Winnipeg man wants utility credit after filling pool with 'chicken noodle soup' water

A Winnipeg man believes the city should compensate him for the costs of filling his above-ground pool after he left it unattended to fill, only to come back later and find the pool water was badly discoloured.

Chris Gleeton said he turned on the backyard hose at his East Kildonan home on Sunday to fill up his pool, which takes about eight cubic meters of water. When he came back later to turn it off, he immediately noticed something wasn't right. 

"It's brown, it looks like chicken noodle soup, it's gross," he told CBC News on Tuesday. 

Gleeton said he called the city's Water and Waste Department and his city councillor asking for a credit on his bill. He believes it cost him about $50 to fill the pool, after consulting the city's website to calculate the costs based on his usage. 

"I phoned them and I said, 'Look I got 7.9 cubic metres of brown water, I don't want to pay for that because now I have to drain my pool and refill it and pay again.' They said flat-out they do not do credit," said Gleeton. "There's zero situation in which they will issue a credit." 

The city said it received two calls regarding discoloured water in East Kildonan on Sunday.

In a statement, City of Winnipeg spokesperson Michelle Finley said it should only cost $36.50 to fill the pool, based on 2018 water and sewer rates and confirmed the city does not reimburse customers.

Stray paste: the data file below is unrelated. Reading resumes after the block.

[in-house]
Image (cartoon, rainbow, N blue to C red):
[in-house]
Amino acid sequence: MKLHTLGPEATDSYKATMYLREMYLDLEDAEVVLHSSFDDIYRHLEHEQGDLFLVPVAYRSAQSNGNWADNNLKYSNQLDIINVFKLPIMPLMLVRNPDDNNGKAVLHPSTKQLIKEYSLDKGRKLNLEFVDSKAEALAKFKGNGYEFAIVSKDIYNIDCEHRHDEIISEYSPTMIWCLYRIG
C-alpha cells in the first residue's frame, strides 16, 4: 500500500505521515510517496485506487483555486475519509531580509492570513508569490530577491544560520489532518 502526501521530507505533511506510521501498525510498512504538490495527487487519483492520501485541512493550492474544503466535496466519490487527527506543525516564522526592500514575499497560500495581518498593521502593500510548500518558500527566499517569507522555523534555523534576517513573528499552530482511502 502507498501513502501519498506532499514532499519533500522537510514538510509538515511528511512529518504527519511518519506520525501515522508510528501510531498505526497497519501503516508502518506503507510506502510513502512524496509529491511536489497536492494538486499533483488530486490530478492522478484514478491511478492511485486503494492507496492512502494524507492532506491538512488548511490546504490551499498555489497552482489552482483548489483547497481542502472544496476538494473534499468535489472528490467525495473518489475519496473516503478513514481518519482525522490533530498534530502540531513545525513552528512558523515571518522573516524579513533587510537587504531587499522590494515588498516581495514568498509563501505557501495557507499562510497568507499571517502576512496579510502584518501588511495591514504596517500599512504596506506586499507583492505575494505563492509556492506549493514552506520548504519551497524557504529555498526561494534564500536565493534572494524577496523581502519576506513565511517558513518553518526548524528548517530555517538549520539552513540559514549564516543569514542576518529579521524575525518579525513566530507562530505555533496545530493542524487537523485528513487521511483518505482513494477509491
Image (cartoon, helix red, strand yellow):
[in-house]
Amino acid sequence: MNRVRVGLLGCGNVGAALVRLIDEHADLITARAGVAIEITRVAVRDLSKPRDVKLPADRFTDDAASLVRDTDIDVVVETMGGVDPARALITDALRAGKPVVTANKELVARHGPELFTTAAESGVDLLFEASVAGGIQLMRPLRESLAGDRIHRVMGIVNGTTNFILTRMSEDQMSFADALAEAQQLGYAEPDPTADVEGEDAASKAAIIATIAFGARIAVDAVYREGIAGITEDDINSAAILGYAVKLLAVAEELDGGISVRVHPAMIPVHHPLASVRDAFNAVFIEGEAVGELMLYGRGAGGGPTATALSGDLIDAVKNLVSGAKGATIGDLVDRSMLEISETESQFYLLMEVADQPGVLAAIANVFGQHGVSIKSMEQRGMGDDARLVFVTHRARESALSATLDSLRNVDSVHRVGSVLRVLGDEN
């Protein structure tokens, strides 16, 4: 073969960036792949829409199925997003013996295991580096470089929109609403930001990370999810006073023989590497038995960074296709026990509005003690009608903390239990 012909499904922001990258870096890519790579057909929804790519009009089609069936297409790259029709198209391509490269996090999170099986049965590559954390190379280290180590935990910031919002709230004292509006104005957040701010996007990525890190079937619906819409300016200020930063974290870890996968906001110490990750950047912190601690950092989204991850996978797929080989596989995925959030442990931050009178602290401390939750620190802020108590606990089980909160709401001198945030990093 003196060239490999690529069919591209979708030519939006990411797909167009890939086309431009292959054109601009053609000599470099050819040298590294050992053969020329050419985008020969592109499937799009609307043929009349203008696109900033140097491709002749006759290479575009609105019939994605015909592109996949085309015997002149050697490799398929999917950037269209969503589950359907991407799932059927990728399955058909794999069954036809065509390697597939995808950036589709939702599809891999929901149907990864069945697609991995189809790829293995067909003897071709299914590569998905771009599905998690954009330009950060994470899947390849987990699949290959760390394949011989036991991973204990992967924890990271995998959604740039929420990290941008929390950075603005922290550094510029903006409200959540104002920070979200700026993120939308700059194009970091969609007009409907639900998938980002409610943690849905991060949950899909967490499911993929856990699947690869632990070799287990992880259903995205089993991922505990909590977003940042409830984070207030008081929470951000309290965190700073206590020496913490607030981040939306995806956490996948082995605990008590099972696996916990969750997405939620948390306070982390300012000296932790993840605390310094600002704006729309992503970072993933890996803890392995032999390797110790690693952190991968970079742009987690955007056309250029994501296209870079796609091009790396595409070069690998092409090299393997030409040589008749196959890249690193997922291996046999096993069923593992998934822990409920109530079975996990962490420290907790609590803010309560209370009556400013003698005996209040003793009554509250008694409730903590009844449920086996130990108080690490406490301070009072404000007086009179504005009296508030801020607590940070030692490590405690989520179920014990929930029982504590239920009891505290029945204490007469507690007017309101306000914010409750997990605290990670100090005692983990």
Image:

"The city does not reimburse for discoloured water because the cost of water is low and the discoloured water can be used for other purposes such as watering plants or the lawn," she said. 

Finley also suggested homeowners keep an eye on their taps and hoses when they are in use. 

"Because filling a pool will increase the normal flow of water to a property, we would recommend that homeowners filling pools or ponds monitor their filling activity because discoloured water usually doesn't last long." 

Finley said in an email to CBC News that discoloured water can be caused by sediment released by a change in the flow of water in the system, sometimes caused by water main breaks, firefighting or water main cleaning.

Gleeton said he wasn't aware of any construction in his neighbourhood last weekend. He said he tried shocking the water before deciding to drain the pool on Monday night.

"It's not about the $50, it's about the fact that there is a lack of recourse for the average citizen and there is zero accountability on behalf of the city," said Gleeton.